After rising for nine consecutive months, the National Association of Realtor’s pending home sales index in November fell for the first time since January. The Pending Home sales Index, which is a forward-looking indicator based on contracts signed in November, dropped 16.0% to a reading of 96.0 from an upwardly revised reading of 114.3 in October.
National average mortgage rates declined from the previous week to 5.09% in the latest Primary Mortgage Market Survey released weekly by Freddie Mac on January 7th. This was the first weekly decline for average fixed rates since the beginning of December. Rates had been steadily moving higher and increased for four straight weeks before this past week’s decline. In the week ending January 1st, the MBA’s seasonally-adjusted purchase index increased 3.6% from the previous week but was still down 36.33% compared to the same time last year. This was the first weekly gain for the purchase index in the past month while the year-over-year drop in the purchase index is the largest since February 2009.
I would encourage you to talk to friends, family, and/or coworkers in your area who have recently bought or sold a property to get 3 or 4 references. Interview those agents- asking questions like:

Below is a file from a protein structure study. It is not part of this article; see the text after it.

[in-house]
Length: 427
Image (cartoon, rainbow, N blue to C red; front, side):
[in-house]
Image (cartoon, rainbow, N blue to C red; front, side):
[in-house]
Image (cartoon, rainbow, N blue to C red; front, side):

1. How would you market my house? (Online must be PART of their answer).
2. How would you come to a listing price for the house? (A comprehensive market analysis of your comps. Be sure to share any unique features your house has).
3. What is their online experience? (My company in CA pushes listings to over 30 search engines and real estate sites).
4. How many houses do they currently have listed? (The less listed the more likely they are to show yours).
5. Commissions? Is there a reduced commission if the agent handles both sides of the sale? Is there a reduced commission if someone in their office handles the buyer side of the sale?
6. Is there anything you can do to make your house more inviting to buyers? (Like de-cluttering, painting, getting a home inspection and termite report, etc).
7. The last thing you should ask is if they have any questions for you.
I think that a great agent would ask to see and take pictures of your house before your formal interview. They should then bring a sample flier that they would post outside your house, a virtual tour, and hopefully the market analysis. All else being equal- go with who you feel the most comfortable talking with. Remember this is a business relationship.